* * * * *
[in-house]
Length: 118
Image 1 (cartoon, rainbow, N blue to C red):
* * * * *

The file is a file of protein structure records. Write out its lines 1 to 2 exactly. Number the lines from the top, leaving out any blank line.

[in-house]
Length: 118